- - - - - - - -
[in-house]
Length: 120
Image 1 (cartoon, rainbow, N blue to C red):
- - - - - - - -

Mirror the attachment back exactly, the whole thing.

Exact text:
[in-house]
Length: 120
Image 1 (cartoon, rainbow, N blue to C red):